GM Data Breach Exposes Car Owner Personal Information
The Lyon Firm is investigating the GM data breach on behalf of car owners across the country. Contact the firm if you have been sent notice.
General Motors has announced that customers were the subject of a cyberattack levied against the automaker in April 2022, according to a letter filed with the California Attorney General.
The breach was discovered after GM began investigating a number of suspicious login attempts to customer accounts from April 11-29. The automaker confirmed around 140 breached accounts, in which the attackers redeemed reward points for gift cards.
GM says there is no evidence that the attack used credentials or a login vulnerability from its systems directly, and determined that the data breach stemmed from elsewhere on the internet. GM says that those responsible may have had access to the following personal information:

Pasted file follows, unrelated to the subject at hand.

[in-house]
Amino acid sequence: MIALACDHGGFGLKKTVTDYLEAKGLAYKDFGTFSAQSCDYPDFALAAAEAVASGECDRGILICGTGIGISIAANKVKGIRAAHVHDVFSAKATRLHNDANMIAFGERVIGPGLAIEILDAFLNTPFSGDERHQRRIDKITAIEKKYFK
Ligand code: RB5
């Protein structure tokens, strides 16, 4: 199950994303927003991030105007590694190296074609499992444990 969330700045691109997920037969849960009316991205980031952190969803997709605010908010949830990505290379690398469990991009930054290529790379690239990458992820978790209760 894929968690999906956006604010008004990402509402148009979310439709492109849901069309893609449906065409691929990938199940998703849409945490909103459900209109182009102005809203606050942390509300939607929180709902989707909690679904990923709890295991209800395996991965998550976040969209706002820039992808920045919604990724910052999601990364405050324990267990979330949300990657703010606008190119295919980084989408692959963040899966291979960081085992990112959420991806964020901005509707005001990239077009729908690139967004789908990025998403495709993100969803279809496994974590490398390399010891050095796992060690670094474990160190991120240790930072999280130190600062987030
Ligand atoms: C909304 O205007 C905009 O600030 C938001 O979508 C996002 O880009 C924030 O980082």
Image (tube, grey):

- First and last name
- Personal email address
- Home address
- Phone number
- Last known and saved favorite location
- OnStar package (if applicable)
- Family members’ avatars and photos
- Profile picture
- Search and destination information
- Reward card activity
- Fraudulently redeemed reward points
What is Credential Stuffing?
The GM data breach began with a type of attack called “credential stuffing.” This can occur when a bad actor uses credentials that have been previously dumped as the result of another breach and logs in to systems using these credentials.
Joe Lyon is a highly-rated data breach lawyer and Privacy Attorney representing plaintiffs nationwide in class action security breach lawsuits.